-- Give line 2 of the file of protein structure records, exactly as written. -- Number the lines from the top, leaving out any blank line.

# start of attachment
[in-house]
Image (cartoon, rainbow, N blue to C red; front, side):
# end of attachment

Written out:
Image (cartoon, rainbow, N blue to C red; front, side):